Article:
The exhibition closes with three works from the last four years of Krasner’s life. One of these, Between Two Appearances, of 1981, combines collages of dripped paint with representations of heads. By cutting the drips out of earlier works and commingling them with new painting, Krasner gives them the self-conscious quality of a quote, again incorporating an important element of postmodernism. And once again, she mixes the past and present to create a bold new work. Related Programming: Robert Hobbs will deliver a lecture, entitled Lee Krasner Reconsidered, on Sunday, October 10 at 2 pm in the Brown Auditorium. Professor Hobbs curated the exhibition and is Rhoda Thalhimer Endowed Chair of Art History at Virginia Commonwealth University.

Catalogue: Lee Krasner is accompanied by a catalogue that includes an extended text by Robert Hobbs, with ninety-two full-color and thirty-four black-and-white illustrations. Drawing on his ongoing research, as well as in-depth interviews with Krasner’s friends and associates, Hobbs offers a fresh look into the artist’s past, her personality, and her artistic contributions, drawing a rich picture of Krasner and the context in which she worked. The 224-page volume is available in softcover for $29.95 at the LACMA museum shop. The hardcover edition, distributed internationally by Harry N. Abrams, Inc., is available for $49.50.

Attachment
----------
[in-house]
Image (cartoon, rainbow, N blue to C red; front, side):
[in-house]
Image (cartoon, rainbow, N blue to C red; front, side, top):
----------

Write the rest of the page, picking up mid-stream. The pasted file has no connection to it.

Credit Line: This exhibition was organized by Independent Curators International (ICI), New York, and was curated by Robert Hobbs.

The exhibition and accompanying publication are made possible by a leadership contribution from the principal sponsor, the Robert Lehman Foundation, Inc.

Additional support has been provided by the Pollock-Krasner Foundation, the Eugene V. and Clare E. Thaw Charitable Trust, the Ida and William Rosenthal Foundation, and Betsy Wittenborn Miller and Robert Miller.

Philip Morris Companies Inc. is the corporate sponsor of the national tour.

LACMA Coordinating Curator: Carol S. Eliel, curator of modern and contemporary art